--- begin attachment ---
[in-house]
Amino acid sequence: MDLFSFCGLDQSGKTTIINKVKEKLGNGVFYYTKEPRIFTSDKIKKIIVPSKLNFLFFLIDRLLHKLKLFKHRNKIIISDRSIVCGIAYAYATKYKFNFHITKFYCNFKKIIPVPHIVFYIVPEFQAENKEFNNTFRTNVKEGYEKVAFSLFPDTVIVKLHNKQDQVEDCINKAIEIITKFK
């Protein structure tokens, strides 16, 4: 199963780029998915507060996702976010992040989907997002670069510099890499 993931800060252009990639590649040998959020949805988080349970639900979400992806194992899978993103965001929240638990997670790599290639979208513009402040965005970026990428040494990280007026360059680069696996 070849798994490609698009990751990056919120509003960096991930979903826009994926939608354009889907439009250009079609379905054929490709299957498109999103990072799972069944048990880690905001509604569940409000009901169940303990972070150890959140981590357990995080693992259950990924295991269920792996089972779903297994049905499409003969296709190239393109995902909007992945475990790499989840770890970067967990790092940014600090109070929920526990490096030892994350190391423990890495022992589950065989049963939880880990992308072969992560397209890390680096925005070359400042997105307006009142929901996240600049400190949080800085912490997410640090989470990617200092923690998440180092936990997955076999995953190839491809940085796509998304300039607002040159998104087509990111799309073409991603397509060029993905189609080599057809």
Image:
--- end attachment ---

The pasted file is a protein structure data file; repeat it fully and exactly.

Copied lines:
[in-house]
Amino acid sequence: MDLFSFCGLDQSGKTTIINKVKEKLGNGVFYYTKEPRIFTSDKIKKIIVPSKLNFLFFLIDRLLHKLKLFKHRNKIIISDRSIVCGIAYAYATKYKFNFHITKFYCNFKKIIPVPHIVFYIVPEFQAENKEFNNTFRTNVKEGYEKVAFSLFPDTVIVKLHNKQDQVEDCINKAIEIITKFK
């Protein structure tokens, strides 16, 4: 199963780029998915507060996702976010992040989907997002670069510099890499 993931800060252009990639590649040998959020949805988080349970639900979400992806194992899978993103965001929240638990997670790599290639979208513009402040965005970026990428040494990280007026360059680069696996 070849798994490609698009990751990056919120509003960096991930979903826009994926939608354009889907439009250009079609379905054929490709299957498109999103990072799972069944048990880690905001509604569940409000009901169940303990972070150890959140981590357990995080693992259950990924295991269920792996089972779903297994049905499409003969296709190239393109995902909007992945475990790499989840770890970067967990790092940014600090109070929920526990490096030892994350190391423990890495022992589950065989049963939880880990992308072969992560397209890390680096925005070359400042997105307006009142929901996240600049400190949080800085912490997410640090989470990617200092923690998440180092936990997955076999995953190839491809940085796509998304300039607002040159998104087509990111799309073409991603397509060029993905189609080599057809």
Image: